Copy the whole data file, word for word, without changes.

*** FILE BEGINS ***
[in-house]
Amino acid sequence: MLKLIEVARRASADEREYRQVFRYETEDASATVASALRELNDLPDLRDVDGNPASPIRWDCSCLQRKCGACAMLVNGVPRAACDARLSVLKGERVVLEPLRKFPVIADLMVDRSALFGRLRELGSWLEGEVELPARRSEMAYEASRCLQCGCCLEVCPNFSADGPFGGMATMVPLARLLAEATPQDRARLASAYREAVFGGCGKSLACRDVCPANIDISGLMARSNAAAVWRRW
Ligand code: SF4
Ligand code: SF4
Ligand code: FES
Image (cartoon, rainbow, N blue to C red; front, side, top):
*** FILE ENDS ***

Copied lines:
[in-house]
Amino acid sequence: MLKLIEVARRASADEREYRQVFRYETEDASATVASALRELNDLPDLRDVDGNPASPIRWDCSCLQRKCGACAMLVNGVPRAACDARLSVLKGERVVLEPLRKFPVIADLMVDRSALFGRLRELGSWLEGEVELPARRSEMAYEASRCLQCGCCLEVCPNFSADGPFGGMATMVPLARLLAEATPQDRARLASAYREAVFGGCGKSLACRDVCPANIDISGLMARSNAAAVWRRW
Ligand code: SF4
Ligand code: SF4
Ligand code: FES
Image (cartoon, rainbow, N blue to C red; front, side, top):